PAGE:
The relevance-seeking RNC is urging Trump to attend, as are ratings-hungry Fox News executives. But by RSVPing in the negative, Trump will be doing everybody — voters, his opponents, his party, the animal kingdom and even the universe — a major favor. Trump should come no closer to the debates than watching them from his clubroom.
Consider the biggest advantage of deleting Trump from the line-up: As the ever-burning supernova of his party, Trump outshines his competitors by several degrees of magnitude. There’s nobody on the continent who doesn’t know who he is and what he stands for. At this point in the clinched campaign, there is no point in having him win more votes. His media magnetism and skill at domination are so grand that any debate with a panel of Republicans that includes him tends to be about him. Even if Trump were to contain his energies, the rest of the pack would insist on attaching themselves to him because that’s what these GOP candidates do: Hungrily grab any Trump-related morsel of news coverage that they can.
Whether Trump wins the general election in 2024 or not, the Republican Party needs to start preparing itself for a Trumpless future. Yes, someday he will be gone, either summoned to heaven or the other place, enrolled in a Bureau of Prisons work program, or lounging on the patio in retirement. By excluding Trump from the debate, the current crop of party leaders could use the forum to present themselves and their ideas to voters without the oppressive background noise of the Trump siren. He’d still be the elephant in the room, but only a baby elephant. Of course, the candidates would still make Trump the subject. That’s how today’s iteration of the Republican Party works. But given the reluctance of any of the candidates — except Chris Christie — from directly confronting Trump so far in the campaign, what would be lost by his absence?
It would be naïve to think that a Trumpless debate would reach new heights of discourse. Campaign debates have rarely offered that sort of performance. Even without Trump, the primal instinct to fanny-whack the first runner-up — in this case, Ron DeSantis — would remain strong. But DeSantis doesn’t possess the sort of clout and appeal that would make him a target for the entire night. Why bother dethroning DeSantis as the heir apparent when he’s already doing such a good job of it himself? Nobody has needed to reboot as frequently as DeSantis since the days of Windows 95. The candidates would have no alternative but to make a case for themselves and their positions. There might not be a Cicero among the current crop of candidates able to hold audiences spellbound with their oratory. But showcasing the Trump understudies without his presence would help prepare the party for the future.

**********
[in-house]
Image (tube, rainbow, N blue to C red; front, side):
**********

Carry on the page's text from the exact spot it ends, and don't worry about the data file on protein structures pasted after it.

With the countdown destined to send Trump to a certain political retirement by 2029, if not earlier, let’s use the Republican debates to shape the post-Donald landscape.
Despite all the highfalutin talk about a clash over policy, presidential debates don’t really give voters the opportunity to judge the candidates’ views on the issues. People don’t listen to candidates’ answers as much as they judge their presentations. Are they likable? Are they clever? Do they act like confident leaders? Do they possess political reflexes and nerve? By taking his debate vacation, Trump will free other voices to be heard and inadvertently launch his party’s next stage of evolution.
Do you suppose we can convince Trump to play hooky from all of the Republican debates?
With Trump unavailable to savage, what will Chris Christie have to say? Send speculations to [email protected]. No new email alert subscriptions are being honored at this time. I’m still calling it Twitter but discourage anybody from following me there or on Mastodon, Post, Bluesky, Notes, or [http://@[email protected]]Threads until the market settles. Don’t subscribe to my RSS feed, either. You had your chance.